Accelerating arctic warming and other early climate impacts have led scientists to conclude that we are already above the safe zone at our current 390ppm, and that unless we are able to rapidly return to below 350 ppm this century, we risk reaching tipping points and irreversible impacts such as the melting of the Greenland ice sheet and major methane releases from increased permafrost melt.
There are three numbers you need to really understand global warming: 275, 392, and 350.
Since the beginning of human civilization up until about 200 years ago, our atmosphere contained about 275 parts per million of carbon dioxide. Parts per million is simply a way of measuring the concentration of different gases, and means the ratio of the number of carbon dioxide molecules to all of the molecules in the atmosphere. 275 ppm CO2 is a useful amount—without some CO2 and other greenhouse gases that trap heat in our atmosphere, our planet would be too cold for humans to inhabit.
So we need some carbon in the atmosphere, but the question is how much? Beginning in the 18th century, humans began to burn coal and gas and oil to produce energy and goods. The amount of carbon in the atmosphere began to rise, at first slowly and now more quickly. Many of the activities we do every day like turning the lights on, cooking food, or heating or cooling our homes rely on those fossil fuel energy sources that emit carbon dioxide and other heat-trapping gases into the atmosphere. We're taking millions of years worth of carbon, stored beneath the earth as fossil fuels, and releasing it into the atmosphere. By now—and this is the second number—the planet has about 392 parts per million CO2 – and this number is rising by about 2 parts per million every year.
Scientists are now saying that's too much – that number is higher than any time seen in the recorded history of our planet—and we're already beginning to see disastrous impacts on people and places all over the world. Glaciers everywhere are melting and disappearing fast—and they are a source of drinking water for hundreds of millions of people. Mosquitoes, who like a warmer world, are spreading into lots of new places, and bringing malaria and dengue fever with them. Drought is becoming much more common, making food harder to grow in many places. Sea levels have begun to rise, and scientists warn that they could go up as much as several meters this century. If that happens, many of the world's cities, island nations, and farmland will be underwater. The oceans are growing more acidic because of the CO2 they are absorbing, which makes it harder for animals like corals and clams to build and maintain their shells and skeletons. Coral reefs could start dissolving at an atmospheric CO2 concentration of 450-500 ppm. Along with increased intensity of extreme weather, such as hurricanes and blizzards, these impacts are combining to exacerbate conflicts and security issues in already resource-strapped regions.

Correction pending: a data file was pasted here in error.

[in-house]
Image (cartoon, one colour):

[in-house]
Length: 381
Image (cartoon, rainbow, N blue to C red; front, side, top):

The Arctic is sending us perhaps the clearest message that climate change is occurring much more rapidly than scientists previously thought. In the summer of 2007, sea ice was roughly 39% below the summer average for 1979-2000, a loss of area equal to nearly five United Kingdoms.
Propelled by the news of these accelerating impacts, some of the world's leading climate scientists have now revised the highest safe level of CO2 to 350 parts per million. That's the last number you need to know, and the most important. It's the safety zone for planet earth. As James Hansen of America's National Aeronautics and Space Administration, the first scientist to warn about global warming more than two decades ago, wrote:
"If humanity wishes to preserve a planet similar to that on which civilization developed and to which life on Earth is adapted, paleoclimate evidence and ongoing climate change suggest that CO2 will need to be reduced from its current 385 ppm to at most 350 ppm."
That will be a hard task, but not impossible. We need to stop taking carbon out of the ground and putting it into the air. Above all, that means we need to stop burning so much coal—and start using solar and wind energy and other such sources of renewable energy –while ensuring the Global South a fair chance to develop. If we do, then the earth’s soils and forests will slowly cycle some of that extra carbon out of the atmosphere, and eventually CO2 concentrations will return to a safe level. By decreasing use of other fossil fuels, and improving agricultural and forestry practices around the world, scientists believe we could get back below 350 by mid-century. But the longer we remain in the danger zone—above 350—the more likely that we will see disastrous and irreversible climate impacts.